His question stopped me dead in my tracks. I could only wonder, is that what the men and women in Iraq and Afghanistan think they are fighting for—cover-ups? I could only answer, “Given the magnitude of the crime committed on April 16, 2007, I thought Virginians everywhere—politicians, school officials, law enforcement officers, and members of the legal profession—would come together to find the truth. I was wrong. Judge Maxfield’s decision may be the most telling example of just how wrong I have been.”

(Blogger’s Note: Is anyone else upset over the student’s comment? After all the hype over our involvement in Iraq; after all the politicians’ chest-beating about bring democracy and rule-by-law to the Middle East, a young man who has put his life on the line for these goals expects our system of justice to be corrupt when it comes to this nation’s worst school shooting.)

It is a simple fact that if people and institutions are not held accountable for their actions and inactions, our schools will not be safe. There will be no incentive for the Charles Steger’s of this world to take action when confronted with threats, unless they realize they will pay a price—they will be forced to explain themselves, under oath in a court of law, and if that explanation is not satisfactory, they will—at minimum—lose their jobs.

The Fairfax County Circuit Court does not want the defendants to be inconvenienced, but for the parents and families of the Virginia Tech shooting, the inconvenience of the agony of their loss will be with them the rest of their lives. The victims’ families will spend the rest of their time on this earth trying to make something out of what held so much promise, what could have been.

Friday, June 12, 2009


Mistakes in judgment often are understandable and become regrets because they were honest and made in the heat of the moment. However, in the case of Virginia Tech, it seems clear that many of the decisions made in the wake of the horrors of April 16, 2007, were not mistakes in judgment; they were cold, calculating decisions designed to protect the school’s leaders and reputation. All available evidence indicates the school put damage control ahead of the interests of the victims’ families and ahead of school safety.

Within three days of the shootings, a Web site ( in support of President Charles Steger and Chief Wendell Finchum was created. By contrast, it took Virginia Tech’s Office of Recovery and Support four months to get the Web site ( for the victims’ families up and running.

Less than six weeks after the shootings, on May 29, 2007, Virginia Tech signed a contract with one of this country’s largest and most prestigious publication firms—Burson-Marsteller—to handle publicity about the shooting rampage. (And no doubt, to put the school, President Steger, and Chief Finchum in the best light, by focusing public attention away from the administration’s glaring mistakes in judgment and on “the Hokie nation’s” need to pull together and recover.)

Monies paid to Burson-Marsteller totaled $663,006.48. This, in spite of the fact that Virginia Tech has a university public relations office staffed by highly competent officials—as well as courses in public relations taught by outstanding faculty members—yet the school paid nearly $700,000.00 to a public relations firm to spin the shooting tragedy. Burson-Marsteller came to prominence in the 1990s for organizing a campaign in support of Philip Morris and the tobacco industry focused on smokers’ rights. (Do I see a tie to some of the most powerful groups in Virginia?) Later, they played spin-doctor again for Dow-Corning’s campaign on behalf of silicone breast implants. Some silicone implants developed leaks once implanted in a woman’s body, causing serious health problems. Can there be any other conclusion that Burson-Marsteller was engaged by Virginia Tech to continue working the magic of misdirection in their client’s favor?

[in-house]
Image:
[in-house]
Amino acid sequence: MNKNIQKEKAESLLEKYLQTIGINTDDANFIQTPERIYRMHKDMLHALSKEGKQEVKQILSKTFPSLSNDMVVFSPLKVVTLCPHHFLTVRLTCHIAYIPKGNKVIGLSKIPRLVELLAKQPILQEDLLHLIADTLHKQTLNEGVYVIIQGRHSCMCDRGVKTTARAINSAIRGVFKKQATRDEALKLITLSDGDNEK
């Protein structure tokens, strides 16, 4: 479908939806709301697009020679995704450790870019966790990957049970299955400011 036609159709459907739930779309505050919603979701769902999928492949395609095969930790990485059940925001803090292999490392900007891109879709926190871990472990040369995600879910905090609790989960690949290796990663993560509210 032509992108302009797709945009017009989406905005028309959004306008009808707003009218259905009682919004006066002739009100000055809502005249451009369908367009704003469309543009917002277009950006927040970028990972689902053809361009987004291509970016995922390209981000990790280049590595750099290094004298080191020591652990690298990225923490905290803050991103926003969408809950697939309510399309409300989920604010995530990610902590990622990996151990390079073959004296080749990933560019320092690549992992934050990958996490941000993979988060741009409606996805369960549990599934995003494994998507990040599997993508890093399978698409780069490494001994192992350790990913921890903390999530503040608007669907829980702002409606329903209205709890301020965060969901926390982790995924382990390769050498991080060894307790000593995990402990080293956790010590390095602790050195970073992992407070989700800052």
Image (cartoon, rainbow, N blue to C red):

Compare the $663.006.48 of tax payers’ money spend on public relations with the $100,000.00 awarded to each of the dead victims’ families. A paltry $100,000.00 compensation for the loss of a child is a disgrace and an insult. Paying a huge amount of money to a public relations firm only adds insult to injury. The math is lousy; the math says it all. The school’s judgment and priorities were badly misplaced. The nearly $700,000.00 would have been better spent had it been given to the grieving families to help in the recovery process—counseling, etc. Or, the money should have been spent on school security as a tribute to the victims.

On March 18, 2009, an OpEd article of mine appeared in the Richmond Times-Dispatch. The article called for Virginia Tech President Charles Steger to step down and for Governor Kaine to reopen the investigation into the Tech shootings. A few days later, I received a well-written, thoughtful response from a lawyer in New York. He wrote, “While there are many bright, highly competent and well-intentioned people working in higher education, there is also a high level of mediocrity, incompetence and self-interest. In my opinion the latter traits have been displayed in this situation at Virginia Tech. And, such traits have been excused and ratified by the Governor’s immediate political actions in this instance.”

My family is part of the Hokie Nation. Our youngest son, Richard, is a graduate of Virginia Tech. We are so proud of the outstanding education he received at Virginia Tech, and we always have been. However, that pride does not preclude the shame we feel over the school’s abysmal leadership—specifically, the school’s cold, calculating actions designed to protect and enhance the Virginia Tech image at the expense of the victims’ families.